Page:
In auto mode, database operation is uninterrupted even though there is no shadow. To resume shadowing, it might be necessary to create a new shadow. If the original shadow was created as a conditional shadow, a new shadow is automatically created. Please refer to Conditional shadows for further information.

Manual mode

The MANUAL keyword can be used to create a shadow in manual mode:

 CREATE SHADOW 1 MANUAL 'employee.shd';

Manual mode is useful when continuous shadowing is more important than continuous operation of the database. When a manual-mode shadow becomes unavailable, further operations on the database are prevented.

To allow work on the database to be resumed, the database owner or SYSDBA must enter the following command:

 gfix -kill database

This command deletes metadata references to the unavailable shadow corresponding to the database. After deleting the references, a new shadow can be created if shadowing needs to be resumed.

Shadow information is kept in the metadata of the primary database file. If this file becomes unavailable for some reason, then the pointers to the shadow are also broken. In this situation, the database administrator can use the -active option in the GFIX utility to convert the original shadow into a new primary database.

Conditional shadows

(Source: InterBase 7.1 Operations Guide)

A shadow may be defined so that if it replaces a database, the server creates a new shadow file, and thus allows shadowing to continue uninterrupted. This is termed a conditional shadow, and is specified using the CONDITIONAL keyword:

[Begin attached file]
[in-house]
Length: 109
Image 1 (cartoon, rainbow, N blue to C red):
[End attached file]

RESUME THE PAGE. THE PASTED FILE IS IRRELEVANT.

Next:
CREATE SHADOW 3 CONDITIONAL 'atlas.shd';

Creating a conditional file automatically creates a new shadow in either of two situations:

  • The database or one of its shadow files becomes unavailable.
  • The shadow takes over for the database due to hardware failure.

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Activating a shadow

(Source: InterBase 7.1 Operations Guide)

Should the main database become unavailable for whatever reason, the shadow can be activated, i.e. it takes over the main database and all users now access the shadow as the main database. This activation may be defined to occur automatically or through the intervention of the database administrator.

Shadow information is kept in the metadata of the primary database file. If this file becomes unavailable for some reason, then the pointers to the shadow are also broken. To activate the shadow it is necessary to log in as SYSDBA or the database owner, and use GFIX with the -activate option, to convert the original shadow into a new primary database.